We’re good enough, we’re smart enough, and doggonit, people like us. Nope.
Actually we’re not good enough, we’re not smart enough, and people don’t like us. And we don’t like people. That’s who we are apart from Jesus according to Titus 3.3. Everything we are is dependent on the Lord.
1 O God, we have heard with our ears, our fathers have told us,
what deeds you performed in their days, in the days of old:
2 you with your own hand drove out the nations, but them you planted;
you afflicted the peoples, but them you set free;
3 for not by their own sword did they win the land, nor did their own arm save them,
but your right hand and your arm, and the light of your face, for you delighted in them.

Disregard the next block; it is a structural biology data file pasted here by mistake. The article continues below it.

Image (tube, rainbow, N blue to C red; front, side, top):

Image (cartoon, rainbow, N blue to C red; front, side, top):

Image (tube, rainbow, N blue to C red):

Compare how many things it says they did themselves with how many things the Lord did by his own hand. Here’s a hint: it’s not close. They did nothing, yet the Lord moved and worked.
As we plant, as we are a people who live on-mission, and as we go about life, with all of its struggles, one of our greatest needs is a realization of our dependence on the Lord and an urgency and burden for prayer. The Lord can do the work. We must learn to ask and listen.